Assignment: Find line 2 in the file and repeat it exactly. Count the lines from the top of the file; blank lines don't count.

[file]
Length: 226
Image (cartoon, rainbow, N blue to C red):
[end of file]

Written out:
Image (cartoon, rainbow, N blue to C red):